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 user 2005-08-11 at 10:19:00 am Views: 67
  • #12351

    Carbon Emissions From U.S. Automobiles Rising

    WASHINGTON (Aug 05) – Emissions of heat-trapping carbon
    dioxide from U.S. cars and trucks soared 25 percent between 1990 and 2003 as
    more vehicles hit the roads and consumers flocked to gas-guzzling sport utility
    vehicles, a U.S. environmental group said on Wednesday.

    Despite efforts to introduce cleaner hybrid vehicles, the
    biggest U.S. automakers have failed to reverse growing greenhouse gas emissions,
    Environmental Defense said.

    “Emissions keep rising despite factors that many people
    think should lower them,” said John DeCicco of the group.

    Vehicles made by General Motors Corp. and Ford Motor Co.
    led the increase in gases linked to global warming. Carbon dioxide emissions
    from GM’s 2003 model year vehicles rose 6.3 percent to 6.4 million metric tons,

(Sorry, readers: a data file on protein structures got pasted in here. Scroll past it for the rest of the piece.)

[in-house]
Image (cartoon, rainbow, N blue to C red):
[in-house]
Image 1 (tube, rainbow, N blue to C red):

while Ford’s increased 7.7 percent to 5 million metric tons, Environmental
    Defense said.

    In 2003, emissions from cars and light trucks topped 317
    million metric tons, up 25 percent from 1990, the group said, based on federal
    government data.

    Part of the 13-year increase is due to more vehicles on the
    road. However, Americans also bought more sport utility vehicles and mini-vans
    during that period, and they get fewer miles per gallon of gasoline.

    Automakers say they are doing their part by offering
    consumers new high-tech vehicles powered by cleaner hybrid, diesel and fuel cell

    “The auto industry is offering a vast array of highly
    fuel-efficient, low-emission vehicles to the public, and those are available on
    dealer lots today,” said Eron Shosteck at the Alliance of Automobile
    Manufacturers, which represents Detroit automakers and some foreign firms.

    The United States is the world’s largest emitter of
    greenhouse gases, which are linked to rising ocean tides, melting glaciers and
    wildlife extinction.

    The majority of American carbon emissions are from
    coal-fired utilities and plants, but cars and light trucks accounted for about
    20 percent of the total